Rate This Location!

By Ryan Majeau | Posted in my blog for

Three stars rating. Hand cursor.Looks like Facebook has another new ‘feature’ to go alongside the likes of suggested friends, apps or ‘people you may know’—enter ‘rate this place’. You may have noticed, since the places it wants you to rate hit pretty close to home. Maybe one of them IS your home? That’s right, chances are if you’ve checked-in somewhere in the past—whether last week, last year or even beyond—Facebook wants to know more. How would you rate that?

I admit, when it comes to Facebook I can be quite a passive, borderline lurker if you will (stop laughing). Yes I’ll casually browse, but often I don’t really pay that much attention (other than a blitz “like” session).

Lately though, some things have been sticking out. On my iPhone, Facebook would like me to rate places, with 1-5 stars. Well isn’t that nice. The creepy thing is, these places aren’t random. I’ve been to all of them. Um WHAA?

I’ve told you before, you are what you like. Likes are public. So are check-ins! Yes I’ve stayed at the Alpine Inn, it was the convergence point for all of my friends from all over to gather the night before heading to a music festival as one big happy group the next day. Of course I’d post some pics, tag my friends, and duh, post where we were! We made it, we were ready, where’s everyone else?!

Seems Facebook is trying to reach further into the cookie jar to pull even more personal info from us. Facebook knows what you did last summer, or the one before that. It hasn’t forgot, even though you may have! *cue scary music* It’s one thing to check in somewhere, it’s another to start rating it. No? Harmless you say? A friend came over one day a couple of years ago and checked in to my apartment (creating Chateau Majeau or something as a location). Well, Facebook asked him to rate my apartment. See, creepy!

If check-ins are public knowledge, rating the place pretty much gives away full license for them to use your pic, info—and whatever else you have unrestricted—in future marketing campaigns.

That’s right. Your face, endorsing their location. Look, you’re famous now! You won’t see your name in lights, but your friends will! Plus, y’know, anyone else on Facebook that your check-in falls within their demographic. Do the math (actually don’t, it’ll hurt your brain—hint: it’s a lot!).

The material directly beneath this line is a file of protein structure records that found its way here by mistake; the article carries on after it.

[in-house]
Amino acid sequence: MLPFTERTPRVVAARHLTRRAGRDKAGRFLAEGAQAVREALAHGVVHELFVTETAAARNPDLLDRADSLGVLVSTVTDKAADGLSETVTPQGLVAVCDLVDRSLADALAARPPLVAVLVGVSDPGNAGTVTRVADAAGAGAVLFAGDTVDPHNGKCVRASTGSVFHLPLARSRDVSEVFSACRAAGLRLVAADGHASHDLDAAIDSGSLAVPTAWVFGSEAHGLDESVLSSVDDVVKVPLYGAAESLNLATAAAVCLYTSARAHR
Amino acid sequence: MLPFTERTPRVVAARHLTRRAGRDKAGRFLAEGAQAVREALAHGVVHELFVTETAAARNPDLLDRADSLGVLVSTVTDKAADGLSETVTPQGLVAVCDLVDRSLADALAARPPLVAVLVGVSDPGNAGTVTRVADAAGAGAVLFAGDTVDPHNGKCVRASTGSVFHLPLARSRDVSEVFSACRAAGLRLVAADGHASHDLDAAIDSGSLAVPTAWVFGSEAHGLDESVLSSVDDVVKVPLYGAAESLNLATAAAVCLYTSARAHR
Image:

Yes, I find it creepy. Maybe you don’t? Call me biased, or jaded if you want. To some, seeing a nostalgic destination pop up on Facebook requesting a rating might bring up all sorts of warm’n’fuzzy feelings. OMG five stars! Done! To others, it’s going to freak the crap out of them.

In the end. it’s just another cog in Facebook’s grand master scheme to be able spoon feed you ads that are tailored just for you (thus making them more $!). They market this as a convenience to you, to serve you better. And you know what? It’s true.

Think about it! Why would I want to see ads for sports related things just because I’m a man of a certain demographic who may live next to two sporting event arenas? That’s not me. Send me ads for tech toys, funky watches, lululemon sales or anything Star Trek related? Sold!

It’s a fine line between privacy and convenience. Opening ourselves up reveals a world of opportunity for having a personalized advertising experience wherever we go. What does it cost? Not much, just a chunk of our privacy. No biggie. …right?

Admit it though, policies you don’t give a second thought to today are probably ones you would have screamed and shouted about years ago, saying “they’ll never get me to hand over that!”

Well, times have changed. That doesn’t make the new order of things any less creepy. Don’t even get me started on retargeting ads. More on that next time!